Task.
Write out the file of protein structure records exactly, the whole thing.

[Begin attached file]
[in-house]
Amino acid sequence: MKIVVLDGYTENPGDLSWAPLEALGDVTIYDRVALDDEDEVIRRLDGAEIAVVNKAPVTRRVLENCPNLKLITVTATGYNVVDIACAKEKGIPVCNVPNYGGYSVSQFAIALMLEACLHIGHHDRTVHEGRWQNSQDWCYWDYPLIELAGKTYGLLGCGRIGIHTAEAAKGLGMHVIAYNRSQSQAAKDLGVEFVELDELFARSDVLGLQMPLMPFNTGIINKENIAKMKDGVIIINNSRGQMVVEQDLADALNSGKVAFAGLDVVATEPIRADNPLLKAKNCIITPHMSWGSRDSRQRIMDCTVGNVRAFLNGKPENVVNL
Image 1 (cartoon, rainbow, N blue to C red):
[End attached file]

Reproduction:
[in-house]
Amino acid sequence: MKIVVLDGYTENPGDLSWAPLEALGDVTIYDRVALDDEDEVIRRLDGAEIAVVNKAPVTRRVLENCPNLKLITVTATGYNVVDIACAKEKGIPVCNVPNYGGYSVSQFAIALMLEACLHIGHHDRTVHEGRWQNSQDWCYWDYPLIELAGKTYGLLGCGRIGIHTAEAAKGLGMHVIAYNRSQSQAAKDLGVEFVELDELFARSDVLGLQMPLMPFNTGIINKENIAKMKDGVIIINNSRGQMVVEQDLADALNSGKVAFAGLDVVATEPIRADNPLLKAKNCIITPHMSWGSRDSRQRIMDCTVGNVRAFLNGKPENVVNL
Image 1 (cartoon, rainbow, N blue to C red):